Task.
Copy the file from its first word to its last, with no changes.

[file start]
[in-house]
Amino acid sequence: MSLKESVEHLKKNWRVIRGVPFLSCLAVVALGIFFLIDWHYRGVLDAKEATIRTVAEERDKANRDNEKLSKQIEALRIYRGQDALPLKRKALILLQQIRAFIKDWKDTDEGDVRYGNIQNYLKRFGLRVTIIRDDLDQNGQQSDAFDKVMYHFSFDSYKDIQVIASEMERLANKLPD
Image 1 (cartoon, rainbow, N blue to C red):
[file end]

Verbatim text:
[in-house]
Amino acid sequence: MSLKESVEHLKKNWRVIRGVPFLSCLAVVALGIFFLIDWHYRGVLDAKEATIRTVAEERDKANRDNEKLSKQIEALRIYRGQDALPLKRKALILLQQIRAFIKDWKDTDEGDVRYGNIQNYLKRFGLRVTIIRDDLDQNGQQSDAFDKVMYHFSFDSYKDIQVIASEMERLANKLPD
Image 1 (cartoon, rainbow, N blue to C red):